The waters have receded as of now, and people are slowly attempting to return to what is left of their homes in most areas of Chennai. If the skies hold, and further flooding does not occur, then it may be safely assumed that the city has reached the 'post-impact' phase of the disaster. In a flood scenario like this, a key characteristic of this phase is the looming spectre of epidemics and the larger question of sustaining relief and rehabilitation work.
Piles of garbage have been swept up by the flood waters, sewage has entered the homes and where the flood waters have not yet receded, there is an unbearable stench. In some areas, people have spotted carcasses floating by, and rodents and snakes run riot in abandoned homes. The situation is ripe for an epidemic, if the State is not prepared, public health experts have warned.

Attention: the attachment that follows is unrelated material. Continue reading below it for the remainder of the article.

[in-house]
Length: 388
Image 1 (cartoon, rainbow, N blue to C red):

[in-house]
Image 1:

As it is, families are trying to cope with the stress of displacement, and in some cases, with the injuries caused during the floods. A number of people suffered falls, bites, allergies, skin ailments, and electrocution. The poor hygiene and sanitation situation comes as an extra challenge at this stage, even as distribution of relief remains an issue that needs to be addressed simultaneously.
“So far, we have no large-scale incidence of fever and diarrhoea, two conditions that we are expecting at this stage," explains a senior health department official, not ruling out isolated bursts of disease because of contamination of local water sources. The proven protocol in such circumstances is a combination of surveillance and prevention activities, watching out for the outbreak of diseases and ensuring that the factors that contribute to it are removed.